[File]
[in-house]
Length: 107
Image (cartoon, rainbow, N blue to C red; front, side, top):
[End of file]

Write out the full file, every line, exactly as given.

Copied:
[in-house]
Length: 107
Image (cartoon, rainbow, N blue to C red; front, side, top):